Managing oxygen inhibition of resin cement is a key component of my bonding protocol. All resin materials that are cured in the presence of oxygen are coated with an “air” inhibited layer of uncured material. This uncured layer, and how you manage it during different techniques will determine the importance of using an oxygen inhibition barrier.
One of my goals is to minimize the amount of resin that needs to be cleaned off with hand instruments or a handpiece following restoration placement. With that goal in mind I am meticulous about cleaning the uncured resin cement. I follow a protocol that includes wiping away the excess with a rubber tip stimulator or micro brush, flossing the interproximals, and then following with an explorer prior to light curing. By the time I expose the resin cement to light it is clean back to the marginal interface. Given this technique, if I then cure without an oxygen barrier I will have a layer of uncured material right at the interface. This layer then will be brushed away quickly by the patient leaving a small gap, and the possibility of marginal staining or breakdown. Prior to curing I cover all of the restoration margins with an oxygen barrier so I can be assured that all the resin cement has cured.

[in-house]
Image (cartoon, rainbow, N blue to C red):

If your technique follows a protocol of leaving excess resin beyond the margins that you then clean off with hand or rotary instruments, it is highly likely that you clean back to fully cured resin, and using an oxygen barrier is not critical for long-term success.